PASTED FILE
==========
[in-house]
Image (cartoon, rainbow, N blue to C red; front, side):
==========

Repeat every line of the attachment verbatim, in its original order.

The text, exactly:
[in-house]
Image (cartoon, rainbow, N blue to C red; front, side):